is one of the most efficient and rapid enzymes known. One molecule
of the enzyme can destroy ten million molecules of HO
per second. The various kinases of the citric acid cycle have comparable
turnover numbers (rates of reaction) of 1000 substrate molecules
acted upon per second per enzyme molecule. Chymotrypsin has a turnover
number of 300 molecules per second, and a succinate dehydrogenase
molecule only dehydrogenates 20 succinic acid molecules per second.
As a catalyst for the destruction of HO,
catalase is ten million times as rapid as a simple heme group is,
and ten billion times as fast as a ferric ion. It does a small job,
but does it supremely well.
By this hypothesis, reactions of organic compounds with O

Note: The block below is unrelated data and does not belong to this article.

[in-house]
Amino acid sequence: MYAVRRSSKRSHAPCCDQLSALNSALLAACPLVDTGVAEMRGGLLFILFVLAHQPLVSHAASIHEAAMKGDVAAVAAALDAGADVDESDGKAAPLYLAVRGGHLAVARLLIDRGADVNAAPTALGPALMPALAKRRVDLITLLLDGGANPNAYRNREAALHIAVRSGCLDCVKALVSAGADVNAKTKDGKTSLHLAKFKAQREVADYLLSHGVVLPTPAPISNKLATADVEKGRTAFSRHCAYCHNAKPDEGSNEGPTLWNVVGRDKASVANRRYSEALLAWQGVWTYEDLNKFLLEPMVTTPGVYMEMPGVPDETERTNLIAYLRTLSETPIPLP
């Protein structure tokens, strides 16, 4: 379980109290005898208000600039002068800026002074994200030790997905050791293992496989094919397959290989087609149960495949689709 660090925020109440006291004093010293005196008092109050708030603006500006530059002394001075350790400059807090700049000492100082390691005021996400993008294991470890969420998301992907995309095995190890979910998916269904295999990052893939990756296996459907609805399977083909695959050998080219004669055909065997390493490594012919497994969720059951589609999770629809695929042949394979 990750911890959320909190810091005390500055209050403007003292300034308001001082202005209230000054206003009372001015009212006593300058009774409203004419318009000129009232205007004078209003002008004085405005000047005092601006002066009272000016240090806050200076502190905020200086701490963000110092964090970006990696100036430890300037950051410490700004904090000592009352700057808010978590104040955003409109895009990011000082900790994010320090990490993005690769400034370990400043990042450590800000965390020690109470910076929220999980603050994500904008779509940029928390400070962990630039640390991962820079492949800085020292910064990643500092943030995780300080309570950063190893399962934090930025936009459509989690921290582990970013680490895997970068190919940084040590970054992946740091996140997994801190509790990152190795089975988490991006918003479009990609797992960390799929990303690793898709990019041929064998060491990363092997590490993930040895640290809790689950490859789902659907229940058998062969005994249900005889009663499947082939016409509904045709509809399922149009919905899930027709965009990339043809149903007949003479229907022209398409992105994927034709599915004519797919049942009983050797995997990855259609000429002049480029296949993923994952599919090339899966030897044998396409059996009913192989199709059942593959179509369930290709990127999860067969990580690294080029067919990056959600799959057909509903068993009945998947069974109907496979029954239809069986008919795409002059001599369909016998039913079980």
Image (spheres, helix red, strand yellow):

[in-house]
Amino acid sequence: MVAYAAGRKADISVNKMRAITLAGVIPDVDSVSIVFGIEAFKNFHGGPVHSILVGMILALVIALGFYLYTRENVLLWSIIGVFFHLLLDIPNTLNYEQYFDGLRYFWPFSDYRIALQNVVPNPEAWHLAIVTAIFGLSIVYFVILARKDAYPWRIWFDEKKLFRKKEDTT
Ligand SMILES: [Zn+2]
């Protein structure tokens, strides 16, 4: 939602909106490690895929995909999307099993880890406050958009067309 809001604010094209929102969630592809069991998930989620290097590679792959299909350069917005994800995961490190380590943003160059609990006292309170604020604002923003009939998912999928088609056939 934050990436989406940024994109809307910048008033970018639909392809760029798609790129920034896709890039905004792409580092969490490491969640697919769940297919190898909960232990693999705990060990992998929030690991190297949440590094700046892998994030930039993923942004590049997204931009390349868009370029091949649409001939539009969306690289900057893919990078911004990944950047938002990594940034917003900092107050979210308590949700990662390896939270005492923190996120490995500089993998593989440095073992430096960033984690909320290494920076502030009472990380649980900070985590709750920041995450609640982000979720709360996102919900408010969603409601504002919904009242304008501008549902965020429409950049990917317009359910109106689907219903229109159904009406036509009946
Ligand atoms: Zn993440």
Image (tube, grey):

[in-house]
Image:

first began, not as a means of extracting energy from organic molecules,
but as a way of detoxifying the cell and eliminating the adverse
effects of O.
Harnessing of the energy released by combination with O
came later. The theory is plausible. Peroxisomes also contain rudimentary
metabolic cycles that reduce flavoproteins, and which may be the
vestigial remains of bypassed respiratory mechanisms. The peroxisomes
could be the remnants of a primitive respiratory system that was
abandoned by the cell when it struck up a symbiotic relationship
with the bacterial ancestors of mitochondria. By this theory, these
metabolic relics are reduced today to doing the only thing that
mitochondria cannot do better: eliminate peroxide.